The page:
Komodo Island


Komodo Island is one of the most unique islands in the world, and for good reason – it boasts a diverse array of plant and animal life, and remains the only place in the world where the world’s largest lizard, the Komodo Dragon, can still be found in the wild. The Komodo National Park is a national park in Indonesia located within the Lesser Sunda Islands in the border region between the provinces of East Nusa Tenggara and West Nusa Tenggara. The park includes the three larger islands – Komodo, Padar and Rinca – and 26 smaller ones, with a total area of 1,733 km² (603 km² of it land). The national park was founded in 1980 to protect the Komodo Dragon, the world’s largest lizard. Later, it was dedicated to protecting other species, including marine species. In 1991, the national park was declared a UNESCO World Heritage Site.



Komodo National Park was established in 1980 and was declared a World Heritage Site and a Man and Biosphere Reserve by UNESCO in 1991. The park was initially established to conserve the unique Komodo Dragon (Varanus komodoensis), first discovered by the scientific world in 1912 by J.K.H. Van Steyn. Since then conservation goals have expanded to protecting its entire biodiversity, both marine and terrestrial.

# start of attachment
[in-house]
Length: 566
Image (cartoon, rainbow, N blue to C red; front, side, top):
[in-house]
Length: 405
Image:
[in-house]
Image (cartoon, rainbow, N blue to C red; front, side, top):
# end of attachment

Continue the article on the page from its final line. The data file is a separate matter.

The majority of the people in and around the Park are fishermen originally from Bima (Sumbawa), Manggarai, South Flores, and South Sulawesi. Those from South Sulawesi are from the Suku Bajau or Bugis ethnic groups. The Suku Bajau were originally nomadic, and moved from location to location across the regions of Sulawesi, Nusa Tenggara and Maluku, to make their livelihoods. Descendants of the original people of Komodo, the Ata Modo, still live in Komodo, but there are no pure-blooded people left and their culture and language is slowly being integrated with the more recent migrants.

Little is known about the early history of the Komodo islanders. They were subjects of the Sultanate of Bima, although the island’s remoteness from Bima meant its affairs were probably independent from the Sultanate, other than the occasional demand for tribute.